A featurestore is the top-level container for entity types, features, and feature values. Typically, an organization creates one shared featurestore for feature ingestion, serving, and sharing across all teams in the organization. However, in some cases you might choose to create multiple featurestores within the same project to isolate environments. For example, you might have separate featurestores for experimentation, testing, and production.

Entity type

An entity type is a collection of semantically related features. You define your own entity types, based on the concepts that are relevant to your use case. For example, a movie service might have the entity types movies and users, which group related features that correspond to movies or customers.


An entity is a particular instance of an entity type. For example, movie_01 and movie_02 are entities of the movies entity type. Note that in a featurestore each entity must have a unique ID and must be of type STRING.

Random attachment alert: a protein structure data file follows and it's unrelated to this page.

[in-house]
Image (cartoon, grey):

A feature is a measurable property or attribute of an entity type. For example, the movies entity type has features such as average_rating and title that track various properties of movies. Features are associated with entity types. Features must be distinct within a given entity type, but they don't need to be globally unique. For example, if you use title for two different entity types, Feature Store interprets title as two different features. When reading feature values, you provide the feature and its entity type as part of the request.

When you create a feature, you specify its value type such as BOOL_ARRAY, DOUBLE, DOUBLE_ARRAY, and STRING. This determines what value types you can ingest for a particular feature. For more information about the supported value types, see the valueType in the API reference.